By Debbie Laxague
My interest in vaccines as they relate to cancer goes back to when I still considered myself to be a patient (as opposed to an advocate). Early in this century, there seemed to be trial after trial that reported “positive” results for therapeutic breast cancer vaccines. Upon investigation of the small print, however, it would become clear that they were reporting that while they could measure immune responses to the vaccines, this didn’t follow through to mean success in preventing or decreasing cancer. Which was not my idea of a “positive” result.
By the time I was invited to participate as an advocate in NBCCs Artemis workshops, I had pretty much lost all enthusiasm that vaccines or immunotherapy could be a solution to any aspect of breast cancer. So I attended my first meeting as a certified skeptic. And I was not the only skeptic present.
As is usual for NBCC undertakings, much thought and planning went into the guest list for the Artemis meeting. The people sitting at the table that first Artemis Project® meeting were leaders in their fields of immunology, oncology, policy and advocacy. The basic task was to answer the questions “is it the right time to ask if we can make a prophylactic breast cancer vaccine.”
For a few people at the table, the answer was an emphatic YES. For others, it was a definite “no way.” Most of the rest leaned toward skepticism, but with interest. The discussions began slowly, with short presentations on different aspects of cancer immunology. These were followed by long discussions that revealed not just the complexity, but also the progress that has been made in understanding the role of the immune system in both cancer control and growth. Amazingly, by the end of the meeting, everyone in the room believed that it was time to look at the idea of a prophylactic breast cancer vaccine.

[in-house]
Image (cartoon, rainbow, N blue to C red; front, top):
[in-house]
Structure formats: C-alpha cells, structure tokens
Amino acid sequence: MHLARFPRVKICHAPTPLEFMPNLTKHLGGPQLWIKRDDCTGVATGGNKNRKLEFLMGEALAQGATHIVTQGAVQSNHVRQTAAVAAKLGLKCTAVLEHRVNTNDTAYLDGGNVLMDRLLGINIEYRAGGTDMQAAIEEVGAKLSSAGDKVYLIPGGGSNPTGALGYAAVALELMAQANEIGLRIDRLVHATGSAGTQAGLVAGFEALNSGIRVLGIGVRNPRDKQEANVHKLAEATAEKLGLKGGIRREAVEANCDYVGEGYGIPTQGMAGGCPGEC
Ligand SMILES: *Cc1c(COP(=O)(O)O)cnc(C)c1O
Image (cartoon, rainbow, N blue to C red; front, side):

To be a small part of this process renewed my enthusiasm for the possibilities of success with breast cancer vaccines. But more importantly, it showed me what can happen when we stop doing the same things, at the same pace, in the same ways. With NBCC’s guidance, the brilliant minds sitting at that first Artemis table were able to take off the blinders that kept them tunneling down into the narrow confines of their own area of expertise. They were able to share and combine their experience and brilliance in ways previously not considered. In addition, with advocate presence and the focus of Breast Cancer Deadline 2020®, NBCC brought a new sense of urgency and time constraint to the forefront of the explorations. It is exciting to know that this approach will be equally successful when applied to the other arms of NBCC’s Breast Cancer Deadline 2020®.